I would use your plan 3 with some adjustments
Your plan to use the existing 2" PVC conduit to the shed is the soundest plan out of the three you've put forth. Running extension cords long distances is just asking for them to get damaged by things, so plan 1 is out. Furthermore, plan 2 would require you to either field-punch a KO somewhat below where you're describing or use the existing 2" KO, but neither of these are particularly practical places for a conduit to exit based on the outdoor picture shown, with the existing KO being a worse option as it'd force you to route the new conduit over the top of the utility's service duct to get to the shed.
However, there are a few things we need to take into account here. First off is the factor of conduit fill. Fortunately, your 2" schedule 80 PVC supplies 742mm² of fill, and you're only using 74.71*3 + 53.16 = 277.29mm² of that so far, which leaves you with ample space for a set of 3 10AWG THHNs for the generator inlet wiring.
With matters of physical space addressed, we then can move onto the next issue, namely ampacity adjustment, as we now have 4 current-carrying conductors in the conduit versus the 3-conductor case Code ampacity tables are based on. This means that we have to limit the 2AWG THHNs to 80% of the ampacity rating they would otherwise have. However, NEC 310.15(B) lets us base that adjustment on the 90°C rating of THWN-2 wire, vs. having to start with the 75°C rating that we're limited to by the terminating equipment here. As a result, we can use the 130A 90°C rating of 2AWG THWN-2 as our basis here, taking 80% of that to get us 104A. Since your shed subpanel is 100A anyway, and 15-30A circuits aren't affected by ampacity adjustment until you get up to 9 current-carrying conductors due to the way ampacity adjustment interacts with the 240.4(D) small conductor rules, we're all good on this front.
The good news is that since we're dealing with a sub-15kW portable generator here, NEC 702.12(B)(2) exempts us from having to provide a disconnect for the generator feeder at the shed:
(B) Portable Generators 15 kW or Less. Where a portable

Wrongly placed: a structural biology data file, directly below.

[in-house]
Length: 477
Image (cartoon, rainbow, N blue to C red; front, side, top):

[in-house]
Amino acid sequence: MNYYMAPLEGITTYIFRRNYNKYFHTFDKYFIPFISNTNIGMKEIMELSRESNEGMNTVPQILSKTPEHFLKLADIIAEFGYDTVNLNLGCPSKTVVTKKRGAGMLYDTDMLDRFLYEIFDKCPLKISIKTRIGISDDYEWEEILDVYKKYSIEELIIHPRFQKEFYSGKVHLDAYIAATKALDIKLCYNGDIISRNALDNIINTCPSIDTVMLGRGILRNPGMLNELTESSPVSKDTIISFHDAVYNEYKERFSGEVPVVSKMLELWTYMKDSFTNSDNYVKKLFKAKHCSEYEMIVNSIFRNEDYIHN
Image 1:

generator, rated 15 kW or less, is installed using a flanged inlet
or other cord- and plug-type connection, a disconnecting
means shall not be required where ungrounded conductors
serve or pass through a building or structure.
So, you can simply run a 10/3 cable out the back of the generator inlet box and into the shed subpanel, where it connects with the aforementioned 10AWG THHN feeder wires in the house-to-shed conduit.
Once you get the feeder back to the house, though...
The more significant divergence, though, comes when your generator feeder makes it back to the house. Since your generator was designed to be suitable for portable usage, it bonds its neutral wire to the generator frame. This is fine and dandy provided it's being used as a standalone source of power; however, it means you can't use it with a normal breaker interlock, as doing so would cause a case of Two Neutral-to-Ground-Bonds Bickering, with potentially deleterious results.
Instead, you need to use a transfer means that switches the neutral, and that limits your options severely. If you wish to stay in Eaton CH, Eaton thankfully makes switching neutral transfer panels (CH10GEN5030SN), but those are limited to 10 spaces for branch breakers, and are relatively pricey/scarce on the ground. The alternative would be to use a Reliance Controls Panel/Link X series transfer panel; these are available in 10-space models as well (XRK0503C/D), and support a variety of 1" breakers (QP, MP, HOM, BR) in addition to being a bit less pricey than the Eaton panels, but are also in limited supply due to a recent model/design change. With either solution, though, you can use the transfer panel to feed a downstream main lug subpanel using either a subfeed block or the transfer panel's own main lugs; this also opens you up to using a panel with fewer spaces of its own, such as the XRH0503D, which might be less expensive than getting the spaces in the transfer panel.
If you want to kit something together yourself instead of buying a premade panel, your options are even more limited: Square-D discontinued most of their switching neutral breakers, BR switching neutrals are too double-stuff-ish to work with interlock kits, Siemens doesn't make 30A switching neutral breakers for their loadcenters to begin with, and GE doesn't make branch-breaker to branch-breaker interlocks for their panels. While Eaton does make CH switching neutral breakers and an interlock (CHML) that fits them, they don't make a suitable retainer for such a setup as the CHPHD can only be used with the uppermost breaker positions. You might be able to use a CHPMIKCH cover-mount interlock kit, but I'm not sure how the retainers for those work, either.